Zim national herd declines by 5% due to drought and disease

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Farai Mabeza

The national cattle herd decreased by 4.7 % from 5 774 525 in 2018 to 5 489 364 in 2019, according to the First Round Crop and Livestock Assessment Report for the 2019/2020 season done by the Ministry of Lands, Agriculture, Water and Rural Resettlement.

The decreases in cattle numbers were attributed to deaths due caused by tick-borne diseases and drought.

A total of 66 088 cattle succumbed to drought with Masvingo and Matabeleland South being the worst affected provinces. Diseases contributed 44% to cattle deaths followed by drought 40 %, predators 8%, injury 5% and the remaining 3% were other causes.

“Tick borne diseases continue to pose a serious threat to the national herd. This is a continuation of the problem that started in 2017 when the national dipping programme started to face serious challenges.

“The highest number of cattle deaths have been attributed to Theileriosis with Mashonaland East, West, Central and parts of Manicaland being the worst affected,” the report says.

There is a lot of cattle destocking in areas hit by Theileriosis as desperate farmers sell to middlemen who are taking advantage and buying at very low prices. Other tick borne diseases reported were Anaplasmosis (Gall sickness), Babesiosis (Red water) and Heart water.

During the same period total national milk production increased by 5.89% from 75.4 million litres in 2018 to 79.9 million litres in 2019.

The dairy herd stands at 38 000 of these, 12 000 are in milk producing an average of 14 litres per cow per day.

There was a drop in foot and mouth disease (FMD) outbreaks in 2019 compared to 2018. The disease was reported in only four provinces namely, Mashonaland Central, Masvingo, Matabeleland South and Midlands compared to all provinces in 2018.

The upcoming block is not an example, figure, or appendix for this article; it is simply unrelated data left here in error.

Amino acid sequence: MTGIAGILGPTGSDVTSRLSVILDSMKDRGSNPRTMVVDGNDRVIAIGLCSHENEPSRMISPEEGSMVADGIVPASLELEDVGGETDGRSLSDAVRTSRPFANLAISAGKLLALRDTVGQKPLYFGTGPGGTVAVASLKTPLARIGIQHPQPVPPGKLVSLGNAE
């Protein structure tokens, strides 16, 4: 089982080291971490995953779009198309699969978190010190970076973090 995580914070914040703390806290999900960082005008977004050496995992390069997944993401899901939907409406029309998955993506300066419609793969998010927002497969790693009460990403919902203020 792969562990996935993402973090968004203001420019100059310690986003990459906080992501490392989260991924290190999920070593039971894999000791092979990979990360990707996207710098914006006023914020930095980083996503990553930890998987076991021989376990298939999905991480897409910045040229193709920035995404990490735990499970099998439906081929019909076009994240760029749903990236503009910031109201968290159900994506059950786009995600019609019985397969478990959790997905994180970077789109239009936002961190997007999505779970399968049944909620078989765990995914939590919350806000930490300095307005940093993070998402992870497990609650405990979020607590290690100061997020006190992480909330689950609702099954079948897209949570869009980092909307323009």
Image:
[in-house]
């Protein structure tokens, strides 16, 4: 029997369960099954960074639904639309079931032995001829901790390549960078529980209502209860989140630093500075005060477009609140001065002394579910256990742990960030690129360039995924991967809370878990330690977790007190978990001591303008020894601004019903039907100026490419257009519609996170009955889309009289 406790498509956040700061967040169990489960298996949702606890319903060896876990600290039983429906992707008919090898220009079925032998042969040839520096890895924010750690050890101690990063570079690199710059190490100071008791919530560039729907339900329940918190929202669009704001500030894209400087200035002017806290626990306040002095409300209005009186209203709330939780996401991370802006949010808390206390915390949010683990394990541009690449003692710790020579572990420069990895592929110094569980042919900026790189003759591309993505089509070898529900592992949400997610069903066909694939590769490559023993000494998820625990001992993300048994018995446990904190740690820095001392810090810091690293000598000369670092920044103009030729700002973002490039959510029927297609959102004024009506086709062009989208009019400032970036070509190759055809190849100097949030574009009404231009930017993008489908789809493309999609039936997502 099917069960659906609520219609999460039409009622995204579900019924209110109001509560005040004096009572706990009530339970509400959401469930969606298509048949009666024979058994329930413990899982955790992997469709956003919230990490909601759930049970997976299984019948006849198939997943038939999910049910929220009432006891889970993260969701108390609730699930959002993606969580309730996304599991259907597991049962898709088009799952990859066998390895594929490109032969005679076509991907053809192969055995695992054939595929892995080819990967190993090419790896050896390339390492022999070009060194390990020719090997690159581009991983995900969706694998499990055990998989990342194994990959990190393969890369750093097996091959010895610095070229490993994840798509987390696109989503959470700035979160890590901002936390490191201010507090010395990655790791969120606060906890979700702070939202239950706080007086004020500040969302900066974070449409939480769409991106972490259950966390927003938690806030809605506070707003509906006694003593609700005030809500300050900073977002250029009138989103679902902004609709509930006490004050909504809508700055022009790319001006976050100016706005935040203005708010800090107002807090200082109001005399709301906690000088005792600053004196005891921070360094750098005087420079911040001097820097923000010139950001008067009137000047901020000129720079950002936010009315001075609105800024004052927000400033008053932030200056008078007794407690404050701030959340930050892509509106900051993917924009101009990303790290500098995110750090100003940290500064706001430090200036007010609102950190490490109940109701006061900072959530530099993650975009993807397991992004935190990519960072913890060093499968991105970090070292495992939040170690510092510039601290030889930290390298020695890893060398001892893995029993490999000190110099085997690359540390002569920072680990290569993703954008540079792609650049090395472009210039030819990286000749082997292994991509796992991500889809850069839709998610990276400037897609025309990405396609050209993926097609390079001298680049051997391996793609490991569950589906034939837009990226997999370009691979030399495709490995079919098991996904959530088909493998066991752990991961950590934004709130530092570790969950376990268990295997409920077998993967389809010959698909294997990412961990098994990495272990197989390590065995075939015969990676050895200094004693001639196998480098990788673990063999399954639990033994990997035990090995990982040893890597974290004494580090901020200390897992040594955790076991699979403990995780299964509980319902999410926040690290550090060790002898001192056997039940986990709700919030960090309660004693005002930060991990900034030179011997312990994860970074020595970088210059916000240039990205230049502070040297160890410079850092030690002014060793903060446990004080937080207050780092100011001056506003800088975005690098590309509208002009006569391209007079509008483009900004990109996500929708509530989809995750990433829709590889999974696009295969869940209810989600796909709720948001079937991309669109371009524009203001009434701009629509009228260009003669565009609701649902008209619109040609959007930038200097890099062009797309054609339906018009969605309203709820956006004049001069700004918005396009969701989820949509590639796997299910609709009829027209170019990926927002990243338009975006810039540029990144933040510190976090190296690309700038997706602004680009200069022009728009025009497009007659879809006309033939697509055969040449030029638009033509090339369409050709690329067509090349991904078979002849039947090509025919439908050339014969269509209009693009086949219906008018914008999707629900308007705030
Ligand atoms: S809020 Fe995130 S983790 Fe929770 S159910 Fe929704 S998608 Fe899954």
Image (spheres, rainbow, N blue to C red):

A total of 656 500 doses of FMD vaccine were availed against a requirement of 900 000 and 638 441 cattle were vaccinated.

Inadequate anthrax vaccination programmes in 2019 resulted in an increase in cases compared to 2018 with 20 outbreaks compared to 9 the previous year.

The number of goats increased from 3 707 357 in 2018/2019 to 4 360 838 in 2019/2020. Goats’ deaths were due to diseases which accounted for 53% followed by predation at 26%, drought 12%, injury 5% and to other causes 4%.

Pigs declined from 278 297 to 227 749.

The 2019/2020 season was marked by a delayed onset of the season and a false start throughout the country. The Government, private sector and NGOs supported production through a number of input schemes.

The prices of inputs on the open market were out of reach for most of the farmers. Area planted to maize decreased by 5% from 1 623 757 Ha to 1 549 324 Ha.

The communal sector still contributes the largest area under maize (58%), whilst the large scale and A2 contributed 8% of the area under maize a one percent drop from 9% in the 2018/19 season

A total of 106 520ha of maize have been written of due to prolonged dry spells.

Tobacco area decreased by 6% from 106 558 Ha to 100 426 Ha. Cotton area decreased by 13% from 197 242 Ha in 2018/2019 season to 170 622Ha in the 2019/2020 season.

Soyabean area decreased by 40% from 55 660 Ha to 33 599Ha in the 2019/2020 season.

“The decrease is attributed to the late onset of the season, false start coupled with high temperatures, erratic rainfall distribution; prolonged long dry spells during the first half of the season, late distribution of inputs and the high input price on the open market,” the report says.

The targeted area for cotton was not achieved due to the erratic rainfall pattern in the traditional cotton growing areas. Most farmers who could not plant have kept cotton seed for next season.

There was a marked increase in area under sorghum from 201 065 ha to 305 865 ha (52%) across all provinces while pearl millet increased by 10% from 151 708 ha to 166 429ha.

Area under finger millet increased by 37% from 25 146ha in the last season to 34 353ha this season

This may be attributed to deliberate efforts to support traditional grains production through the Presidential input support scheme, donor community and private contractors.

Tobacco area decreased by 6% from 106 558 ha in the last season to the current 100 426 ha. Black shank disease is a serious threat to tobacco output especially in Mashonaland west province.

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